the tempest of yesterday.
Success is beginning the con
struction of a new house while yet
the ashes of the old one are smold-ering.
Success is getting up alter one nas
Success is pushing the battle
sharply even though the bugle has
Success is not knowing when one
Success is bracing up the shat
tered mast and patching the torn
sails and keeping on toward the har-
Snores, is searching the battle
field after the first repulse and gatn-
pounds of Limberger cheese from a
Moutreal grocer simply found the
femptation to strong to resist.
A London physician says that
ministers live too long, lnis is
variety. Most fault-finders only
say the ministers preach too long.
Jamestown Fair May Win.
Salem, Jan. 29. The senate com
mittee on federal relations has de
cided to report favorably the bill to
appropriate $65,000 for an exhibit at
the Jamestown Exposition.
J. B. Stump of Polk county has
so acres of Walnuts on his 500-acre
farm and will plant 25 acres more
planting walnut and cherry trees in
alternate rows, the cherries to serve
as a filler until the walnuts produce
a good growth and then the cherries
will be taken out.
After being sentenced to serve
twenty five years in the penitentiary
for killing Ira Chapman, a negro,
with an ax iu St. Louis last April,
William Reeves, 27 years old, an
other negro, asked Judge Muench
to make the sentence ninety-nine
years. "I will stand a better show
of being pardoned ifyou do," Reeves
said. Judge Muench accomodated
the negro. r
It is announced that Mr. and Mrs.
Rockefeller consider themselves too
poor to have oysters served at their
table. Let us not, however, permit
ourselves to be distressed at their
poverty. They can probably afford
to have a soup bone at least once a
metic, school law, civil government.
Wednesday Penmanship, ortho
graphy, arithmetic, reading.
Thursday Art of questioning,
theory of teaching, physiology.
M. C. Cask,
County School Superintendent.
General Funston has recommend
ed that the pay of officers and men
of the line in the United States army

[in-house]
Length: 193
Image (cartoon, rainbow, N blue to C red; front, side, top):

be raised, and in this connection
has made a statement which is some
what startling. He says that the
common hod carrier is better paid
than the soldier in the ranks of the
United States army, and he expres
ses the fear that the soldiers will
leave their duties and follow other
vocations if they are not afforded
better compensation for their servi
ces to the country.
Profane language in a store diives
away women customers. There are
tew grocers in Oregon who swear
before folks or allow their clerks to
do so, but they do not always in
sist that the men in their stores ob
serve the same rules. Vulgar lan
guage is, if anything, even more re
pulsive to the ladies. The moral
atmosphere should be as clean as
the shining fixtures themselves.
This Is busines sense not preach
ing. Oregon Tradesman.
Ladies' and children's outing flannel
gowns, 60c, 72o and $1.00 each, at Mrs.
There's a lot of Satisfaction
in a shoe which after month's ot
wear, needs only polish to "Look
like now." Youfll find comfort,
ease aud profit in the
V $HKVMsi Unmiltnn.nrnwn ShnfiR
H0L. JlvH wiii want southing pretty and good. Come and
"3MV see our
o better made.
No better cao. be maJe. Our
with every pair.
Our Hoe oi
i3 the finest in the county.
n. asio-lats Orrery (Mloase. Our
Everything . f'rVlte.rry str.etU f d
immense salei mtj" P ; h ..uVtitt-asat.
Not a shop wrnartt.leiai T
. reliable Corner Grocery and Shoe Store
ine m.m 1 n,mwTirnjrrvrTK?'jrZ